First, such ‘defects’ are found usually in low-level Deepfakes and not in high-level ones. Moreover, all such childish things lack the scientific rigour expected of a ‘proven science’. Determination of uniqueness requires measurements of object attributes, data collected on the population frequency of variation in these attributes, testing of attribute independence, and calculations of the probability that different objects share a common set of observable attributes.

Commercial Deepfake detection software is currently not available and experts have to be called in to use their techniques. A 2019 Deepfake Detection Challenge with a $1 million award met with only partial success. William Corvey of the renowned Defense Advanced Research Projects Agency (DARPA), admits that their program MediFor (Media Forensics) has not been able to develop end-to-end technology sufficient to perform a complete forensic analysis on Deepfake videos.

Yuezun Li and Siwei Lyu have shown that the very method a program would use to detect a Deepfake can be used to “train” new Deepfake creation algorithms. In his paper titled “Deepfake Detection Algorithms Will Never Be Enough,” James Vincent has shown that when people developed an algorithm to track inconsistent eye blinking in Deepfakes (a common error with low-level Deepfakes), new algorithms to include more normal eye blinking were developed and the detection method was rendered obsolete.

One of the possible technologies could be a digital watermarking system. That would mean that smartphones or other devices that are normally used to capture audio/video should automatically incorporate their metadata watermark or stamp indicating when and where the content was recorded. But only future devices can do it whereas billions of older devices would continue to be in use.

Problems Which the Courts Will Face

Nobody in India can foresee the extremely serious problems our criminal courts are going to face on account of deepfakes. Presently, excited by fake indecent or porn videos, India seems to be happy only preventing the proliferation of deepfakes.

The government has advised victims to file FIR, while social media companies such as Instagram, X and Facebook have been instructed to remove such content from their platforms within 24 hours of receiving a complaint, or risk being censured under the provisions of the IT Rules. Presently, the government is treating it as cheating by personation by using computer resources, punishable under Section 66 D of IT Act, 2000 carrying three years in jail and a fine up to Rs. 1 lakh. Individuals can go for defamation.

The use of Deepfakes to create pornographic or defamatory videos is essentially a prank, but, they could, however, figure in very serious cases and it will present insurmountable problems for the courts.

Hitherto, images and videos are admissible in evidence under the ‘silent witness’ theory. In American law, since the 2001 judgment in United States v. Harris, the ‘silent witness’ theory allows authentication of photographs by demonstrating the reliability of the process that created them, without the need of a human witness to the events shown by the film. This theory would fall apart with Deepfakes.

For example, there could be a terrorist attack at a public place or an important government facility. The attack could be recorded by one of the bystanders on his mobile phone or captured in the CCTV cameras and flashed instantly on social media. When they are produced in court, the defence could argue that they are Deepfakes created by the prosecution to bolster their case. That is where the problem manifests itself in all its complexity. How does the prosecution prove that it is not Deepfake and that the person seen in the video is none other than the accused in the dock?

Riana Pfefferkorn, associate director of surveillance and cybersecurity at the Stanford Center for Internet and Society

Riana Pfefferkorn, associate director of surveillance and cybersecurity at the Stanford Center for Internet and Society categorically states, “AI is now capable of generating fake human faces, which I for one cannot detect any tell-tale signs that it’s not a real photo.” It has been convincingly shown by the University of Washington’s WhichFaceIsReal.com that even for rudimentary Deepfakes, nearly half the people cannot distinguish a Deepfake video from a genuine one. The same thing holds good for judges also. Highly specialized and rarely found technical experts will have to be called in and since authentication is not an exact science, even their testimony will be questioned despite their professional reputation. Dr. David Doermann, speaking about Deepfakes to the U.S. House Intelligence Committee candidly admitted that we could throw absolutely everything that we have at this, at these types of techniques, and there would still be some question about whether it is authentic or not.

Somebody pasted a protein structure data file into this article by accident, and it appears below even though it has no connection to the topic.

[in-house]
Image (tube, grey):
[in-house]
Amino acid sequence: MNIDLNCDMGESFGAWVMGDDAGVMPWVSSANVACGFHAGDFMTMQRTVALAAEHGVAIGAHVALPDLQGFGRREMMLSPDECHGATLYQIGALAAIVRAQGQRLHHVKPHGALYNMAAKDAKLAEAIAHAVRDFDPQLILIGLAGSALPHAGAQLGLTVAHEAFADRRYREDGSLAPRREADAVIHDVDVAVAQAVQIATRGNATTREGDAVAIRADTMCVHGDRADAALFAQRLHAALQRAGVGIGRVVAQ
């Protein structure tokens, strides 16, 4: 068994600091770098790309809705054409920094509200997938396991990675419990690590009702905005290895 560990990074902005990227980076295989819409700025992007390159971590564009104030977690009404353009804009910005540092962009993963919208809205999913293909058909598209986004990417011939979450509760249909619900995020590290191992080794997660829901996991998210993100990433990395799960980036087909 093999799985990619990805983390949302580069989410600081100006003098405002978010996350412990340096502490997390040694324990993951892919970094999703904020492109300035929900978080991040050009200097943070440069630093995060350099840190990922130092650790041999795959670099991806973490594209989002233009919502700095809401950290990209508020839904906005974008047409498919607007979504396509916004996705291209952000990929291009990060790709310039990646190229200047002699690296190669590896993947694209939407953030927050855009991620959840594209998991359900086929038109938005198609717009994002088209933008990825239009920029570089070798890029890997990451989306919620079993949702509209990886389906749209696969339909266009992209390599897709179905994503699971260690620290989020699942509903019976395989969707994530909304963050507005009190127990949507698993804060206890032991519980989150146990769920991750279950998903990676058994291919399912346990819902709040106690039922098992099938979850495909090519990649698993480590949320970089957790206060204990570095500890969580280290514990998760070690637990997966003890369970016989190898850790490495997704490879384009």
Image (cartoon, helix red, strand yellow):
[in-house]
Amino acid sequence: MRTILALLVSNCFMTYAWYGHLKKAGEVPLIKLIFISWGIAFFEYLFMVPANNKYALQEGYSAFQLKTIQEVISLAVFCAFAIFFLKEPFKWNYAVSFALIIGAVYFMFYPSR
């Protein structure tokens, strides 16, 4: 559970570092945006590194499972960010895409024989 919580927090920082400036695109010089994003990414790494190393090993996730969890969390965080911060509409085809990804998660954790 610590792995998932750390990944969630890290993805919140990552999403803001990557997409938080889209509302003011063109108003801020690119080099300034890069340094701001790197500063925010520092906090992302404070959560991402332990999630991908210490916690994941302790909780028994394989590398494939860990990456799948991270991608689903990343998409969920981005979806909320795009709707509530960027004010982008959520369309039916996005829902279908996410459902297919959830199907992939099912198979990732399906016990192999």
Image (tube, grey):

Eventually, the courts will have to fall back on the old system of eye-witnesses for whom, as we do know from our experience of the past 162 years in Indian criminal courts, telling lies under oath has been extremely common. 

  

What the Future Holds

As the technology develops, it is only a matter of time before Deepfake videos will be so good that, even for the specialists, proving the existence of fakery in a ‘legally tenable’ manner would become no less than the work of writing a PhD thesis in computer science. Since no court can afford that much time or resources, the evidentiary value of videos will eventually become zero because it will be claimed that the video being shown by the prosecution or defence that implicates or exonerates somebody is a fake one. It will be extremely difficult, almost impossible for the courts to disprove the contention. Courts will have no option but to reject videos as evidence because, as Andre Assumpcao, data scientist at the National Center for State Courts (NCSC), USA says, they cannot run the risk of basing a conviction or acquittal on evidence of dubious value. Fred Lederer, chancellor professor of law and director of the Center for Legal and Court Technology at William and Mary Law School says that from a court’s perspective, it means that you cannot believe what you see. ‘Seeing is believing’ is slated to become history.

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Dr N C Asthana IPS (Retd)
Dr N C Asthana IPS (Retd)
Dr. N. C. Asthana, IPS (Retd) is a former DGP of Kerala and ADG BSF/CRPF. Of the 56 books that he has authored, 20 are on terrorism, counter-terrorism, defense, strategic studies, military science, and internal security, etc. They have been reviewed at very high levels in the world and are regularly cited for authority in the research works at some of the most prestigious professional institutions of the world such as the US Army Command & General Staff College and Frunze Military Academy, Russia. The views expressed are his own.